PIERRE, S.D. – Several cows have died of anthrax in western South Dakota, officials said Tuesday.

According to South Dakota Veterinarian Dr. Beth Thompson, "several" cows from a herd of 160 unvaccinated cattle died in Meade County. She said it is the first confirmed anthrax death in cattle this year.

The Animal Disease Research and Diagnostic Laboratory at South Dakota State confirmed the disease from samples submitted over the weekend. Anthrax is an economically devastating disease for the livestock industry because it can cause the rapid loss of many animals in a short time, Thompson's office said. Affected livestock are often found dead with no illness detected.

Anthrax spores survive indefinitely in contaminated soil, and much of South Dakota has the potential of experiencing an outbreak, Thompson said. Significant climate change, such as drought, floods, and winds, can expose anthrax spores to grazing livestock. Alkaline soils, high humidity and high temperatures present conditions for anthrax spores to vegetate and become infectious to grazing livestock.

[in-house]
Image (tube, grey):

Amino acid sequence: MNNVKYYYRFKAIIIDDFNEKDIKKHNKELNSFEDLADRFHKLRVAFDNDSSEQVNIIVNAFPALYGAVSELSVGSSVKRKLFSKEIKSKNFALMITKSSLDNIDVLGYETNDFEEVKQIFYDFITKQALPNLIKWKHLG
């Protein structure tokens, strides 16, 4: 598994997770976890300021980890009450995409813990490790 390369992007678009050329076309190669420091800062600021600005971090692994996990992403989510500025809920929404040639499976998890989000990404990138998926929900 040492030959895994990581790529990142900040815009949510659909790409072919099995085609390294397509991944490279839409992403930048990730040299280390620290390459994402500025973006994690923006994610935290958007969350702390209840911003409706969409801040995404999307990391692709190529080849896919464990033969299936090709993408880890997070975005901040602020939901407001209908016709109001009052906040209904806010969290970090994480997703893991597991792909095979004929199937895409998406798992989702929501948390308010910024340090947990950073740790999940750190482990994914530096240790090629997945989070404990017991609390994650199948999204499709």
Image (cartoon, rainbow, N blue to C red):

Strict enforcement of quarantines and proper burning and burying of carcasses suspected to have died from anthrax is important to prevent further soil contamination with the bacterial spores, Thompson said Tuesday.

Producers are asked to contact state officials or a local veterinarian if anthrax is suspected. Animals that are suspected to have died due to anthrax are not to be moved or disturbed.

“Local veterinarians are excellent sources of information for cattle producers regarding anthrax,” Thompson said.